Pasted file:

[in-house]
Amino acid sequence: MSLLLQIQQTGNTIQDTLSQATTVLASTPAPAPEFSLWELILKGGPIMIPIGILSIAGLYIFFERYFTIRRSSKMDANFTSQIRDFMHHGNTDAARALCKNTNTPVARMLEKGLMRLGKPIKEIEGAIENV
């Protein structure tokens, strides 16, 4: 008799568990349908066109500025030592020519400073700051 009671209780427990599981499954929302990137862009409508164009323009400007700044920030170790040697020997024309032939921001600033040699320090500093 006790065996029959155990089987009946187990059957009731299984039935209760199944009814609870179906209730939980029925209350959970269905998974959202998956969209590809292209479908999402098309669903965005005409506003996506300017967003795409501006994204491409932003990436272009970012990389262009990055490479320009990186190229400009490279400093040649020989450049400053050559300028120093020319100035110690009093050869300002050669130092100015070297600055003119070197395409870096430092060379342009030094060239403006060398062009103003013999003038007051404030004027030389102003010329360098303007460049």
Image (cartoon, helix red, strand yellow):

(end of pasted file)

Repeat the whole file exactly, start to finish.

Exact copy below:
[in-house]
Amino acid sequence: MSLLLQIQQTGNTIQDTLSQATTVLASTPAPAPEFSLWELILKGGPIMIPIGILSIAGLYIFFERYFTIRRSSKMDANFTSQIRDFMHHGNTDAARALCKNTNTPVARMLEKGLMRLGKPIKEIEGAIENV
């Protein structure tokens, strides 16, 4: 008799568990349908066109500025030592020519400073700051 009671209780427990599981499954929302990137862009409508164009323009400007700044920030170790040697020997024309032939921001600033040699320090500093 006790065996029959155990089987009946187990059957009731299984039935209760199944009814609870179906209730939980029925209350959970269905998974959202998956969209590809292209479908999402098309669903965005005409506003996506300017967003795409501006994204491409932003990436272009970012990389262009990055490479320009990186190229400009490279400093040649020989450049400053050559300028120093020319100035110690009093050869300002050669130092100015070297600055003119070197395409870096430092060379342009030094060239403006060398062009103003013999003038007051404030004027030389102003010329360098303007460049």
Image (cartoon, helix red, strand yellow):